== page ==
An innovative paint scheme has launched a second remanufacturing hub to tackle waste and support more communities in need.
The partnership between Community RePaint and paint manufacturer AkzoNobel aims to reduce the volume of paint sent to landfill and incineration in the UK each year, whilst also helping community groups and charities.
The new centre, based on the Wirral, will process waste paint that then goes to community groups and those in need at lower cost. The first facility, set up in Cambridge last year, has recycled 10,000 litres.
Matt Pullen, UK managing director of AkzoNobel UK & Ireland said: “British households throw away 55 million litres of paint every year, but over half of this is good enough to reuse. This innovative scheme is leading our industry in reducing the amount of paint currently entering the waste stream, as well as having a transformative impact, alongside Community RePaint, by colouring the lives of those who can least afford it.”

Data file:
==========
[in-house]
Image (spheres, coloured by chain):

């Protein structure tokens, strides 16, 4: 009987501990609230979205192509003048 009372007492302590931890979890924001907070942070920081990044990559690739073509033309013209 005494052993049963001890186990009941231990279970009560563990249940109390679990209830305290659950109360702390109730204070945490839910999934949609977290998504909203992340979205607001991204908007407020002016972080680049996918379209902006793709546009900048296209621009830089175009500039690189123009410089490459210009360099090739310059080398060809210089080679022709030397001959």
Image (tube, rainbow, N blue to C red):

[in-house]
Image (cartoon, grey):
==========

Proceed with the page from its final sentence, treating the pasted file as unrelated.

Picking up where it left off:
AkzoNobel, Newlife Paints and Community RePaint plan more centres and hope to produce 100,000 litres of remanufactured paint by the end of 2017.
They are campaigning to raise the level of waste paint collected in the UK to three million litres by 2020 and have called on the Government and the industry to help tackle the issue as part of a circular economy.
In 2015 a report titled ’Creating a circular economy for leftover decorative paint in the UK’ was presented to the House of Commons suggesting that local authorities could reduce the cost of dealing with waste paint by 40% if remanufacturing was introduced.